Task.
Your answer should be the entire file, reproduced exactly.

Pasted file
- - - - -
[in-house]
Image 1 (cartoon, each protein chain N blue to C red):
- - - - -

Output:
[in-house]
Image 1 (cartoon, each protein chain N blue to C red):